https://www.gsb.stanford.edu/insights/rent-controls-winners-losers
https://psmag.com/economics/can-california-repeal-state-wide-l
https://sf.curbed.com/2018/9/27/17910948/uc-berkeley-haas-rent-control-prop-10
https://haasinstitute.berkeley.edu/sites/default/files/haasinstitute_rentcontrol.pdf
https://psmag.com/economics/in-defense-of-rent-control
https://caanet.org/app/uploads/2016/02/Jan2016_Rent_Control_Study.pdf
http://www.lao.ca.gov/Publications/Report/3345
https://www.nmhc.org/news/articles/the-high-cost-of-rent-control/

Coastal California a Challenge to Homebuyers

Some of the highest price-to-income ratios in the nation are found in California. This is even more true in the coastal areas, where the numbers exceed both the national average of 17.5% of income spent on mortgage payments, itself up from 15.4% last year, and also the maximum advised by financial experts of 31%. Zillow cites figures of 54% of average household income in San Jose, 45% in Los Angeles and San Francisco, and 38% in San Diego. Even some inland areas are nearing that 31% threshold, with Sacramento at 29% and Riverside at 28%.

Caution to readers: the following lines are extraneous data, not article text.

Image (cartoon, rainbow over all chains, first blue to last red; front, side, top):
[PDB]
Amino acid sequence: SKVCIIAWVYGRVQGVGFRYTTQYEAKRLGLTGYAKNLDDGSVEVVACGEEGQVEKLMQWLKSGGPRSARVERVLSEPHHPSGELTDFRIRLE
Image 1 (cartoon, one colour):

While rising interest rates affect all segments of the market, the low-tier homeowners are taking the biggest hit. Despite the mortgage value being lower, low-tier homeowners also typically have less income than high-tier homeowners, meaning they may actually be spending twice as much of their income on mortgage payments. Renters have it the worst; the average low-tier renter in Los Angeles would need to spend 121% of their income on rentals and is forced to seek outside assistance with making payments.

The increasing strain on buyer purchasing power is already starting to result in price cuts and eventually lower list prices. So, expect prices to trend downward even as interest rates go up.

More: http://journal.firsttuesday.us/home-price-to-income-ratio-soars-in-californias-coastal-cities/65518/?utm_source=newsletter&utm_medium=email&utm_content=100818&utm_campaign=saprior

Price Cuts Signal Falling Prices Soon

As of September, the number of price cuts nationwide was at its highest point since the recession. Throughout the last half of August and first half of September, over a quarter of homes — 26.6% — took a price cut. While it’s normal for price cuts to be more common in the third quarter, as holidays are approaching but not yet upon us, the trend has been upwards for several years. This means sellers should begin listing lower in 2019, realizing that they are listing their homes above value for the market conditions brought on by income not keeping up with prices and rising interest rates.

In California, price cuts were on the rise in every major city. Very significant increases occurred in the following counties:

  • 56% of homes in Fresno;